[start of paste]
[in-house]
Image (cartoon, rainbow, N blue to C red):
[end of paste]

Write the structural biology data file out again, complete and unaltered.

[in-house]
Image (cartoon, rainbow, N blue to C red):